Blizzard Disaster Relief
The blizzard brought winds of up to 89 mph (Hemingford, Nebraska) and as much as a foot of snow. Interstate 80 was closed from Kearney, Nebraska to the Wyoming border.
After the storm passed, there was severe flooding of the Platte, Elkhorn and Missouri rivers. Many cities in eastern Nebraska and western Iowa experienced flooding.
In NE-2019-02 and IA-2019-02, the IRS declared disaster relief status for Butler, Cass, Colfax, Dodge, Douglas, Nemaha, Sarpy, Saunders and Washington counties in Nebraska and Fremont, Harrison, Mills, Monona and Woodbury counties in Iowa.
Nebraska residents in the affected counties may generally defer tax filing deadlines between March 9 and July 31 of this year to July 31, 2019. Iowa residents in impacted counties may delay their filing deadlines from March 12 to July 31 of this year to July 31, 2019.
The tax relief covers filing, payments and estimated tax payments. Individuals who are making IRA contributions also have until July 31, 2019 to maximize their 2018 IRA funding.
Victims in the Nebraska and Iowa counties may also deduct a casualty loss. Taxpayers who are in a federally-declared disaster zone are permitted to deduct losses in either the 2018 or 2019 tax year.
Expanded Penalty Relief for Taxpayers Who Underwithheld
In Notice 2019-25, 2019-15 IRB 1, the Service expanded the penalty relief granted in Notice 2019-11.
Taxpayers with income other than wages are generally required to pay estimated taxes in four installments per year. Under Sec. 6654(d)(1)(B), the estimated tax payments are “the lesser of (i) 90% of the tax shown on the return for the taxable year or (ii) 100% of the tax shown on the taxpayer’s return for the preceding taxable year (110% if the individual’s adjusted gross income on the previous year’s return exceeded $150,000).”
Because the Tax Cuts and Jobs Act was the most comprehensive tax reform in three decades, many taxpayers were not certain how to calculate their estimated tax payments. As a result, an estimated 15% to 18% of taxpayers have underwithheld.
Therefore, the IRS published Notice 2019-11 and reduced the 90% estimated tax safe harbor to 85% for most taxpayers who have underwithheld.
However, in response to concerns expressed by Members of Congress that even more relief was needed, Notice 2019-25 lowers the 90% threshold to 80% for many taxpayers. The new standard states, “The addition to tax under Section 6654 for failure to make estimated income tax payments for the 2018 taxable year otherwise required to be made on or before January 15, 2019, is waived for any individual whose total withholding and estimated tax payments made on or before January 15, 2019, equal or exceed 80% of the tax shown on that individual’s return for the 2018 taxable year.”
To claim this estimated tax waiver, individuals must file Form 2210, Underpayment of Estimated Tax by Individuals, Estate and Trusts. Taxpayers should file Form 2210 with their 2018 tax forms and check the waiver box in Part II, Box A. Filers should write “80% waiver” on this tax form.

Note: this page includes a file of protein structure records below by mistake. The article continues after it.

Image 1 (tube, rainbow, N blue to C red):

Conservation Easement Abuse Investigation
On March 27, 2019, Senate Finance Committee Chairman Chuck Grassley (R-IA) and Ranking Member Ron Wyden (D-OR) launched an investigation into potential abuses of conservation easement charitable deductions. They sent 14 letters to individuals who are involved with partnerships that invest in real estate and then create conservation easements.
Grassley noted, “There are very legitimate purposes for the conservation easement provisions of the tax code. But when a handful of individuals cook up a scheme to cash in at the expense of federal revenue and in violation of Congress’ intent, something needs to change. There is no reason that the rest of the taxpaying American public should be left with such a raw deal. This is just our first step in getting to the bottom of how these tax provisions are being abused, and it will inform what else ought to be done to fix the problem.”
The letters explained that conservation easements are listed transactions under Notice 2017-10. The 14 individuals are asked for extensive information about all partnerships or passthrough entities that purchase real estate and then donate conservation easements.
Editor’s Note: Sen. Grassley has stated he will move aggressively to limit perceived abuses of charitable deductions. Conservation nonprofits such as the Land Trust Alliance (LTA) generally support the Grassley-Wyden investigation of syndicated conservation easements. Andrew Bowman of the LTA stated that this investigation is “the right step toward permanently ending this abuse. It shines a bright light on transactions that disguise a profitable tax shelter as a charitable donation.”
Applicable Federal Rate of 3.0% for April — Rev. Rul. 2019-8; 2019-14 IRB 1 (15 Mar 2018)
The IRS has announced the Applicable Federal Rate (AFR) for April of 2019. The AFR under Section 7520 for the month of April is 3.0%. The rates for March of 3.2% or February of 3.2% also may be used. The highest AFR is beneficial for charitable deductions of remainder interests. The lowest AFR is best for lead trusts and life estate reserved agreements. With a gift annuity, if the annuitant desires greater tax-free payments the lowest AFR is preferable. During 2019, pooled income funds in existence less than three tax years must use a 2.2% deemed rate of return.